The mistake Republicans make is thinking that moderating their views will win over people that are not inclined to vote for them. I don’t think this has ever happened in the history of politics. I like to vote for people who have a set of principles and they try to stick to those principles even in the face of being unpopular. Sometimes the unpopular thing is the right thing.
Despite the Senate passage Monday, some of the state’s top Republicans have indicated they oppose curbing mail-in voting.
One of those Republicans, Lt. Gov. Geoff Duncan, is opposed to removing no-excuse absentee voting and some other measures proposed by fellow Republicans and opted not to preside over the debate. Three vulnerable Republican senators from swing districts — John Albers, Kay Kirkpatrick and Brian Strickland — were the only ones who did not co-sponsor the bill and opted to be excused from the vote. Republican Sen. Chuck Hufstetler was excused from the vote as well.NPR
Do these Georgia politicians think they are going to win over votes just because they didn’t vote on this bill? If anything they will be viewed as spineless by republican voters. Not only will they not gain voters from their wimpiness they will lose votes and subsequently lose their seats. This is what happened in the runoff elections for U.S. Senate here in Georgia. Too many republican voters stayed home because they believed either their vote wouldn’t count, they disliked Trump, or they disliked the candidates. Republican voters stayed home and democrat voters didn’t. Republicans lost.
Voting is a responsibility. It should not be so easy as to sit around in your chair at home and drop something in the mail. Voting is also not a right but a privilege set up by the government we created. It’s not a right because it is not at birthright. It is not like your right to life, your right to think, and your right to live your life as you see fit. Voting is part of a process to elect representatives to government. There should be some friction to voting in order to make it fair, free, and accurate.
When I talk about friction I don’t mean laws preventing people to vote because of their race, religion, sexual orientation, or any other labeled group you can think of. When I talk of friction I’m talking about legal friction. Are you a citizen? Do you reside in the place in which you’re voting? Did you only vote once? Did you vote on time? Nothing more and nothing less. Mail-in voting, same day registration, and extensive early voting removes these frictions.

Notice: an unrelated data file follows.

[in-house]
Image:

If voting is as important as we say it is then it should be proportional to the effort to cast the vote. If we are to keep early voting it should be limited to the week prior to election day. If you can’t find the time to cast your ballot over the course of a week then it’s not that important to you. Mail-in voting should be limited to those requesting absentee ballots. If you will be in the city in which you are voting you should show up in person to cast that vote. Right now in many places you have a month to find the time. Same day registration should be banned. This is a vector for fraud like no other. Imagine overwhelming a system by hoards of people registering to vote on election day. If your vote is important enough to you you’ll make sure you’re registered.
My solution is to have national guidelines. Not mandates as our country is big and diverse. The same rules for NYC won’t apply in Casper, Wyoming. Below are my guidelines.
- National voting week for national elections.
- Hard beginning and end. No exceptions
- Any absentee ballot must arrive before end of day on the final day of voting. No exceptions
- Voters must be registered a minimum of 30 days prior to election day. 60 days is optimal to me, however
- Identification is required to cast a vote. No exceptions
I don’t think any of the above is too much to ask of a responsible citizen. Republican lawmakers need to stick to their positions on this. Not because they’ll win votes but because it’s the right thing to do.